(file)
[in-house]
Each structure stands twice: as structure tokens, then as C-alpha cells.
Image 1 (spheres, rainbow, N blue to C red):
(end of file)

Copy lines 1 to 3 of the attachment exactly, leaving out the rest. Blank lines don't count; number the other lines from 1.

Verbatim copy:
[in-house]
Each structure stands twice: as structure tokens, then as C-alpha cells.
Image 1 (spheres, rainbow, N blue to C red):